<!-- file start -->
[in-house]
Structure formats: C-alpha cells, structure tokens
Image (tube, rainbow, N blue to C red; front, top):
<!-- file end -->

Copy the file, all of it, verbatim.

[in-house]
Structure formats: C-alpha cells, structure tokens
Image (tube, rainbow, N blue to C red; front, top):